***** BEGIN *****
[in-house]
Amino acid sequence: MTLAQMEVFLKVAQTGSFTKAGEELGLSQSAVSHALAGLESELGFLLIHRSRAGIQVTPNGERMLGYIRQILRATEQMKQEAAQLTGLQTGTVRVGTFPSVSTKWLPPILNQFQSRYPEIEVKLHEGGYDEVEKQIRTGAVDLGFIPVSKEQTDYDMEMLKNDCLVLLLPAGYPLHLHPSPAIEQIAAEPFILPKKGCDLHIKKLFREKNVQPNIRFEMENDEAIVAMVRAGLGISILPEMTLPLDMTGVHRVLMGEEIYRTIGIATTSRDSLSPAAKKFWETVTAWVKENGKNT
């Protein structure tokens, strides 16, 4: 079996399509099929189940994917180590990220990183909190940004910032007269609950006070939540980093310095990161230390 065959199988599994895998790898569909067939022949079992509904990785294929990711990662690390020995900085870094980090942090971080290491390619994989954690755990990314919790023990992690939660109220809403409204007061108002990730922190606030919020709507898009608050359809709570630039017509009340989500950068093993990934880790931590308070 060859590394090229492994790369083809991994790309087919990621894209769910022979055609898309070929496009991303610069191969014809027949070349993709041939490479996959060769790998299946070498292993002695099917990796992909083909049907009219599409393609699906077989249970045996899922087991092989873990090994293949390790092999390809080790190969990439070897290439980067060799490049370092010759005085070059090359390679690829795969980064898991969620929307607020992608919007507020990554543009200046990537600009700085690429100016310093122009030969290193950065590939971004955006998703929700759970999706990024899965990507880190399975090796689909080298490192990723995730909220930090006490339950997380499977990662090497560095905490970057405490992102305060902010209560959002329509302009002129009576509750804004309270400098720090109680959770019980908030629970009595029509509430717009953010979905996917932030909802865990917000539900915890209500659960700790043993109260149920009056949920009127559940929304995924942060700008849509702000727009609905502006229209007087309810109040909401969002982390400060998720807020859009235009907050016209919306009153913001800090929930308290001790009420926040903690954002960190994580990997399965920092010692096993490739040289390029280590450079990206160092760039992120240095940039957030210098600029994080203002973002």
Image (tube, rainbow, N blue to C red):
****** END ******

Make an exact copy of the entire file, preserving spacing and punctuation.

[in-house]
Amino acid sequence: MTLAQMEVFLKVAQTGSFTKAGEELGLSQSAVSHALAGLESELGFLLIHRSRAGIQVTPNGERMLGYIRQILRATEQMKQEAAQLTGLQTGTVRVGTFPSVSTKWLPPILNQFQSRYPEIEVKLHEGGYDEVEKQIRTGAVDLGFIPVSKEQTDYDMEMLKNDCLVLLLPAGYPLHLHPSPAIEQIAAEPFILPKKGCDLHIKKLFREKNVQPNIRFEMENDEAIVAMVRAGLGISILPEMTLPLDMTGVHRVLMGEEIYRTIGIATTSRDSLSPAAKKFWETVTAWVKENGKNT
């Protein structure tokens, strides 16, 4: 079996399509099929189940994917180590990220990183909190940004910032007269609950006070939540980093310095990161230390 065959199988599994895998790898569909067939022949079992509904990785294929990711990662690390020995900085870094980090942090971080290491390619994989954690755990990314919790023990992690939660109220809403409204007061108002990730922190606030919020709507898009608050359809709570630039017509009340989500950068093993990934880790931590308070 060859590394090229492994790369083809991994790309087919990621894209769910022979055609898309070929496009991303610069191969014809027949070349993709041939490479996959060769790998299946070498292993002695099917990796992909083909049907009219599409393609699906077989249970045996899922087991092989873990090994293949390790092999390809080790190969990439070897290439980067060799490049370092010759005085070059090359390679690829795969980064898991969620929307607020992608919007507020990554543009200046990537600009700085690429100016310093122009030969290193950065590939971004955006998703929700759970999706990024899965990507880190399975090796689909080298490192990723995730909220930090006490339950997380499977990662090497560095905490970057405490992102305060902010209560959002329509302009002129009576509750804004309270400098720090109680959770019980908030629970009595029509509430717009953010979905996917932030909802865990917000539900915890209500659960700790043993109260149920009056949920009127559940929304995924942060700008849509702000727009609905502006229209007087309810109040909401969002982390400060998720807020859009235009907050016209919306009153913001800090929930308290001790009420926040903690954002960190994580990997399965920092010692096993490739040289390029280590450079990206160092760039992120240095940039957030210098600029994080203002973002």
Image (tube, rainbow, N blue to C red):